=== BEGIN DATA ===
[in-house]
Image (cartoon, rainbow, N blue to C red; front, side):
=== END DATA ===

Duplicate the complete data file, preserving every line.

[in-house]
Image (cartoon, rainbow, N blue to C red; front, side):